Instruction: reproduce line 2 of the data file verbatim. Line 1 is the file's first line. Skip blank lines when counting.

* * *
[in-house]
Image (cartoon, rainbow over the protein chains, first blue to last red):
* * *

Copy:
Image (cartoon, rainbow over the protein chains, first blue to last red):